Question for the reader: Did you know that last Friday the Federal Aviation Administration lost its authority to levy taxes on plane tickets (typically $25-$50 per ticket)?
My answer would be “no”…until I read about it in the New York Times today.
Apparently, Congress failed to pass the bill that finances the FAA. (Tangential question: Has Congress done anything this summer?) This means the agency is unable to collect the $25 million per day in excise taxes, etc.* on the plane tickets we buy.
The airlines were definitely paying attention to this:
Last week, evidently in anticipation of the tax’s expiring, some airlines quietly began raising fares — on average, roughly by the same amount as the federal taxes. Others did the same over the weekend, and most of the rest joined in on Monday.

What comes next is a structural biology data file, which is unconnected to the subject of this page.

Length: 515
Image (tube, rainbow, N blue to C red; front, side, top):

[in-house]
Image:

Industry analysts (the quote here comes from Michael Boyd, with aviation forecaster Boyd International Group) are spinning this toward the positive, calling the situation “a wash for the consumer and a plus for the airlines.”
I’d rather get $50 knocked off my next flight.
* (“The main federal fare levies that expired are the 7.5 percent excise tax on all domestic tickets, the $3.70 federal charge on each flight segment, and the $16.30 tax on each international arrival and departure.”)